Jessie had the bacon and cheese burger (onion, lettuce, tomato, house-made pickles, Benton’s bacon, American cheese, ketchup) without the FLIP sauce (which is apparently like Thousand Island dressing, which she’s not a fan of), fries and an amazing milkshake, spicy chocolate mole (that’s mo-lay, not the rodent that lives in the ground).

On to the reason for our visit…

The earlier flight made a visit to Flip Burger possible — otherwise the purpose of our visit was entirely just to go to Woodfire Grill.

Kevin Gillespie had been our favorite to win Top Chef all season, and his style of cooking so closely matches what I try to accomplish in the kitchen that I’ve grown to be a huge fan this season (as has Jessie). His wins seemed so effortless, and there was nothing pretentious or silly about his cooking. It just flat-out worked, no matter what he did, until the last episode.

We got to Woodfire Grill well ahead of our reservation, and sat in the bar area having cocktails. About 15 minutes before our reservation rolled around, I looked across the bar table and saw Jessie’s eyes light up. “Oh my god, there he is,” she whispered, giggling. Chef Kevin was hanging out at the hostess station, and my lovely wife probably forgot who she was there with for a second. Of course she was too shy to go over and ask to get a photo with him, leaving it up to me.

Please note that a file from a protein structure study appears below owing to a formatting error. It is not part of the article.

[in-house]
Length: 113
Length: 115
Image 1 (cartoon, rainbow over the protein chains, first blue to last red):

As you can see, we got a photo with the bearded one (I should mention as a weird coincidence that when we got back to our hotel, the original Rudolph the Red-Nosed Reindeer was on TV, featuring Kevin’s doppelganger, Yukon Cornelius).

On to dinner…

Woodfire Grill’s a la carte menu is broken up into several courses, and given that each course is closer to European portion sizes, you’ll need all the courses to get full. That’s not a knock, I think that’s how it should be. Why pay a lot of money for one main course that’s a whole lot of one thing when you could spend the same getting multiple courses to try new things?

We both had essentially a five-course meal. Our wine was a 2008 Crios de Susana Balbo Malbec that was a decent background to our meal. I’m not sure I’ll order it again, because it was nothing special, but in terms of being a steady drummer to our rock star of a meal, it did its job.

My courses were an amuse-bouche of a beet salad, then arugula salad with grapefruit supremes and beets with a chevre dressing, crisp fried natural veal sweetbreads, wood grilled sonoma artisan duck breast and a blue cheese and honeycomb dessert.